.db 0x4A,0x75,0x5A,0x54,0x6A,0x37,0x7A,0x16,0x0A,0xF1,0x1A,0xD0,0x2A,0xB3,0x3A,0x92
.db 0x7C,0x26,0x6C,0x07,0x5C,0x64,0x4C,0x45,0x3C,0xA2,0x2C,0x83,0x1C,0xE0,0x0C,0xC1
.db 0xEF,0x1F,0xFF,0x3E,0xCF,0x5D,0xDF,0x7C,0xAF,0x9B,0xBF,0xBA,0x8F,0xD9,0x9F,0xF8
.db 0x6E,0x17,0x7E,0x36,0x4E,0x55,0x5E,0x74,0x2E,0x93,0x3E,0xB2,0x0E,0xD1,0x1E,0xF
• CRC16 Table genartion

The 2 tables above were generated by the following C code by splitting the first 128 words(2 bytes) values for the first table and the following 128 words(2 bytes) value for the second table.

void make_crc_table( void ) {
int i, j;
unsigned long poly, c;
/* terms of polynomial defining this crc (except x^16): */
static const byte p[] = {0,5,12};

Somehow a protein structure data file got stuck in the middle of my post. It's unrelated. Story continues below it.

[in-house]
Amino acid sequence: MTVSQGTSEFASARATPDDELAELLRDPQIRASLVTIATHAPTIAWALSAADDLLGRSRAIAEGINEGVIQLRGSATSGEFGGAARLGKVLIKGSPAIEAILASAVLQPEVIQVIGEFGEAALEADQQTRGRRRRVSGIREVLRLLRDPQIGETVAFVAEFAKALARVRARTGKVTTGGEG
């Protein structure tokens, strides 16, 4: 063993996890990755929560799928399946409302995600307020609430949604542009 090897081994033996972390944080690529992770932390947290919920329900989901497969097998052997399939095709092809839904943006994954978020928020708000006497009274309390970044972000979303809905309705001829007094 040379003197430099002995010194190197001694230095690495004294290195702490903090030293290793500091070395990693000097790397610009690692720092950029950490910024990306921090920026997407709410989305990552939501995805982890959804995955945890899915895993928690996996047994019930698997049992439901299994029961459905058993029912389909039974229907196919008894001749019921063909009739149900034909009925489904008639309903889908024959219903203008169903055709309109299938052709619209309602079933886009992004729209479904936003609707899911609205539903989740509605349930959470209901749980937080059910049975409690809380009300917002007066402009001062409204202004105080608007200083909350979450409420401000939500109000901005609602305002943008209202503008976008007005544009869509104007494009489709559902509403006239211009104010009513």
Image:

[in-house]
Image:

/* make exclusive-or pattern from polynomial (0x1021) */
poly = 0L;
for ( i = 0; i < sizeof( p ) / sizeof( byte ); i++ ) {
poly |= 1L << p[i];
}

for ( i = 0; i < 256; i++ ) {
c = i << 8;
for ( j = 0; j < 8; j++ ) {
c = ( c & 0x8000 ) ? poly ^ ( c << 1 ) : ( c << 1 );
}
crctable[i] = (unsigned short) c;
printf( " %d:%x", i, crctable[i]);
}

}

Advantages of CRC vs. simple Sum Techniques
The CRC generation has many advantages over simple sum techniques or parity check. CRC error correction allows detection of:

• single bit errors
• double bit errors
• bundled bit errors (bits next to each other)

A parity bit check detects only single bit errors. The CRC error correction is mostly used where large data packages are transmitted, for example, in local area networks such as Ethernet.